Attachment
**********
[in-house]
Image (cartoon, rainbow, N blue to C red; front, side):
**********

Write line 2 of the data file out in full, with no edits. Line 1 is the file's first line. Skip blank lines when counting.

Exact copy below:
Image (cartoon, rainbow, N blue to C red; front, side):